As a co-founder and CMO of her own agency Cacao Media which has offices in New York City, Tel Aviv, and Nairobi, Resa Gooding has been running her own business for almost five years now, establishing herself as one of the foremost Hubspot experts in the world. She’s also a mentor at MassChallenge Israel, a global network for innovators that empowers entrepreneurs to grow. Here’s what Resa had to say:
“Hire slowly, fire fast.
Advice I wished I had stuck to when I began my journey as an entrepreneur. In the beginning, you will have to wear all the hats but eventually, having a good team will help take off some of the pressure you will face as an entrepreneur.
But what should be your first hire, you ask? I suggest to start with filling the roles for the jobs you aren’t quite good at or don’t generally like doing. As Sara Blakely puts it: “As soon as you can afford to, hire your weaknesses.””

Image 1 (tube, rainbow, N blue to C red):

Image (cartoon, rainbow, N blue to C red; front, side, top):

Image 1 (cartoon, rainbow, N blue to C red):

Yoel Israel is a B2B marketing expert who is a founder of WadiDigital, a LinkedIn-first, digital agency that focuses on B2B tech & cybersecurity companies, and founder of Cyfluencer, a startup that solves influencer marketing for B2B tech companies
“Entrepreneurs have to understand that other people do not operate or think like we do. You must keep grinding day-to-day, but have the patience and vision to break through in the medium term.”
Next up is Larry Kenigsberg, co-founder and CEO of K2 Global Communications – marketing, communications, and PR company that serves clients around the globe. Larry’s 20+ year career as a psychotherapist and psychoanalyst allowed him to make some really interesting remarks about the entrepreneurial spirit: